Marion Brothers

Marion Brothers

Monday, April 30, 2007

Why Vote and Nothing Changes?

Saturday, April 28, 2007

I never vote- unless I know the cat’s in the bag and that my vote is going to make a real difference and not just a symbolic exercise in freedom. That, to me, means voting in blocs. I am not about the business of a show vote for partisan support or for a moral victory in We Shall Overcome. I am still a Black Panther at heart, and I believing in overthrowing somebody- not just anybody- but those incumbents that cannot get the job done.

With the May 12 local elections upon us, and a national presidential election around the corner, you can take it to the bank!

I like to hold out my vote until the last minute, until somebody gives me something to hang my hat on. It makes me no difference which party. I just like to be in a negotiating position against any political candidate for the best deal. I do not campaign unless I am assured that our demands will be met from that candidate. Our base provides the clout for them to deliver. Otherwise, we vote out of office those who double-cross us.

To insure that no political party member mistake my motive, I announce- whenever I am in a room with Republicans, I call myself a Democrat- and whenever I am in a room with Democrats, I announce that I am a Republican- which is my way of saying to each, that in the past both parties have left me with a bad taste in my mouth. It also makes for an interesting conversation whenever you are the oddball in the midst of a partisan get-together. If I were a Democrat in a room full of other Democrats, I would get nothing but a glad hand and a slap on the back for my support- and vice versa if I were a Republican.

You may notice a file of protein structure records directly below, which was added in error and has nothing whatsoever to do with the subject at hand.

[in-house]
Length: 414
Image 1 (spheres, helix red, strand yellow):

The good thing about being an oddball in a partisan congregation of like believers is the fact that I get a chance to raise issues about certain platform stances that otherwise would not be called into question by the uncritical that follow the herd. I would hate to endorse a candidate and come back, in hindsight, and advocate their removal from office. If I make a mistake in character judgment, make sure that I will be the last to see it, because I trust every man at his word.

I never dice the carrot against my favor. I always ask, which candidate has the odds and why. Recently, I noticed a great apathy in the African-American community at the polls. This made me realize that I would look foolish jumping out in public talking about some mystical great “black vote”. My community is full of black Democrats and black Republicans and both taken together will not amount to a hill of beans at the polls. If I vote for the losing side, I take it personal and not as a product of my so-called black vote.

Instead of preaching to the apathetic and voting for losers, I spend my energy grooming the kids. I want them to know that, because of voter apathy, they have the power to overthrow somebody. In the last election, my precinct reported less than 1,000 votes or less than 2% of the voting population in the black community. Even eighteen-year old high school students in just one high school can do better. Why not rally them to overthrow somebody?

I will be speaking to UTA students on Tuesday night (05/01/07) about voting. Guess what my message is going to be? You got it. Overthrow somebody.

Town Hall Meeting
University of Texas at Arlington
701 S. Nedderman, Drive
Arlington, Texas 76019

Time: 7:00 PM

Contact for Additional Information
Junichi Lockett, UTA Political Action Chair

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